Finally, I did try moving the mizzen away from the main and then started to think a lot about the gap between the sails. At the deck, because the main is a triangle, the mizzen is a lot closer to the main than it is at the mast head. That combined with the differences in velocity and direction makes this a really complex thing to model. Just wondering if you'd done any thinking on this?

    B
     
  3. BeauVrolyk
    Joined: Apr 2009
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    BeauVrolyk Sailor

    Paul,

    Your first point above is why I was thinking of taking the mizzen _mast_ down, not just the sail. You'd still have the weight, but it would be on deck.

    On your second point, about the drag of rigging and the Kiwi's backstays, I have found a couple of sources that indicate that a round line has a drag that is about the same as an aerodynamic shape six times as wide as the diameter of the line. It seems that a line, like a loose backstay or a spinnaker halyard vibrating in the wind, causes substantially more drag. The things that need to come down off of most rigs include:
    1) flag halyards and flags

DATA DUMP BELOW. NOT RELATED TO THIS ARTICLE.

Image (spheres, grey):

2) lazy jacks
    3) topping lifts
    4) spare halyards (I even run a small piece of monofilament when we're not using the spinnaker halyard on a long beat, 1/10th the diameter)
    5) radar antenna
    6) radio antenna
    7) anemometer and wind direction sender
    8) mast head lights
    9) spreader lights
    10) radar reflector
    11) anything else that can be removed without the rig falling down

    This drag stuff is why almost all modern boats have internal halyards to reduce drag, along with various ways of reducing the number of lines and wires aloft. Various skippers I crew for are always surprised when I take all their spare halyards and other stuff down.

    Finally, I remain stunned at the junk that people put on mast heads. Lights, direction indicators, radio antenna, and all sorts of other junk. But, as a skipper I crew for once said: "What the hell is the good of yachting if you can't fly a really big flag?" I suppose some of us go "yachting" and some go "racing" and things are little different for the two groups.

    B
     
  4. TeddyDiver
    Joined: Dec 2007
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    TeddyDiver Gollywobbler

    Ay ay ;)
     
  5. Paul B

    Paul B Previous Member

    Yes, that would be better. On the other hand, just sailing with a modern fractional sloop rig would be just as fast or faster off the wind, so why even bother with the second rig at all?



    We are always very vocal with the bow guys after leeward mark roundings to clean up the halyards and topping lift. Sometimes in the drop things can catch behind the spreaders, so you have the line loose in the slot. When you have someone new doing mid bow they say things like, "it's not hurting anything", but you can feel it and it is a lot of windage, drag, and turbulence.